The Japan Times, October 27, 1997
By Janet Asimov
Los Angeles Times
America's Ice Age immigrants took West Coast route
When and how did people arrive in the New World? There are legends invented by descendants of those people, and there are stories written by descendants of immigrants from Europe.
Scientific theories, however, are backed by testable evidence, and new research is closing in on both the when and the how.
The time of arrival was once stuck at about 11,500 years ago, the earliest date of the tools used by the hunter-gatherer Clovis people. Then various older sites were discovered.
In Alaska, the Mesa site shows that hunters camped on a hill to watch for game and make weapons as early as 11,700 years ago. In the northern Yukon, the three Blue Fish caves contain animal bones and tools that may be at least 16,000 years old, although there's controversy about it. In northeastern Brazil, fractured rocks were dated to 50,000 years ago but now most scientists do not believe the rocks were altered by humans.
On the other hand, different evidence from Brazil last year rocked the world of archaeology. At the Amazon's Monte Alegre, Anna Roosevelt of the University of Illinois and her colleagues found a cave campsite occupied as long ago as 11,200 years B.P. (Before the Present).
This prompted many debates about how people could have zipped down to Brazil from Alaska so quickly, and why their culture was so different from that of the big game hunters farther north. The Amazonians foraged in forests, fished in rivers and painted in the caves.
As the debates continued this year, the news broke that Thomas D. Dillehay of the University of Kentucky and his colleagues found a site where humans lived on the banks of Chinchihuapi Creek in Monte Verde, Chile.
The Monte Verdeans made tentlike homes (one 20 meters long), grilled mastodon and paleo-llama meat at two communal hearths, gathered freshwater mollusks and plants, made excursions to the seacoast or traded for seaweed and pebbles and used medicinal herbs. One small person left a poignant footprint in clay.
Dillehay says the Monte Verdeans had "a much more complex social and economic organization than archaeologists have come to expect of early New World cultures."
Not only that, but the site dates to as early as 12,800 years ago, and there may be even earlier remains!
With the "when" being pushed back, making the "how" a bigger question. How did humans get into the Americas, especially South America, so early?
Massive glaciation covered much of North America in the last ice age. The Laurentide ice sheet expanded to smother even my small island of Manhattan.
Farther west, the Cordilleran ice sheet weighed so heavily on interior British Columbia and the Coast Range mountains that it caused a "significant tilt" in the shorelines beyond, according to Heiner Josenhans of the Canadian Geological Survey and his colleagues. Those shorelines were broader, then, and free of glaciers.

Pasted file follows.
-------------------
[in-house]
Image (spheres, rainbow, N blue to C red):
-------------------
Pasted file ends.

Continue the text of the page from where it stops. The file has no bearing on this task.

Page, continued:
The Josenhans team analyzed seabed cores of the continental shelf of British Columbia. According to radiocarbon dating, the sea level sank as glaciation progressed 18,000 years ago. By 14,000 years ago, the sea level was down 153 meters.
The resulting dry land was a route for human migration from Siberia. According to Scott A. Elias of the University of Colorado, the prehistoric land bridge between Siberia and Alaska was "a huge region covering more than 1.5 million sq. km (about twice the size of Texas)." Scientists call the land bridge and surrounding unglaciated area "Beringia."
Core analysis by Elias and his colleagues shows that much of Beringia was shrub tundra much like that now found on Alaska's North Slope. Herds did not stay there but probably migrated through it "on their way to grassy upland plains."
Some humans may have stayed in Beringia until the waters rose again by 9,500 years ago. (Josenhans points out that "Haida Indian oral history abounds in legends of rapidly rising seas.")
Many immigrants from Siberia, however, probably kept moving on.
The icefree corridor between the Laurentide and Cordilleran ice sheets had sparse vegetation and scanty game for people to use on a trip south. According to Dillehay, the people "may have skirted the Pacific coast on foot or by boat."
The coastal route would explain the early settlements in South America and their fishing-gathering cultures. If the Chilean settlement is 13,000 years or older, it's possible that people had very good reasons for rushing southward. Not only was North America gripped by glaciers, but other catastrophes occurred. Until 13,000 years ago, glacier ice dams periodically broke, releasing catastrophic floods from ancient lakes Missoula, Bonneville and Agassiz. Into modern times, volcanic eruptions covered vast areas of the northwest with suffocating ash.
The coastal route must have been more inviting. It's ridiculous to argue that humans could not have traveled quickly from Alaska to Chile. It doesn't take a very long time for people to walk across the United States. Some of my ancestors did a couple of thousand kilometers of it, pushing handcarts.
Evidence shows that the first people in the Americas were able to travel quickly for far distances, and, Anna Roosevelt says, "to adapt to a broad range of habitats."
Survival is promoted by making productive use of whatever environment you inhabit at the moment, plus the courage to venture onward.
Never underestimate human resourcefulness.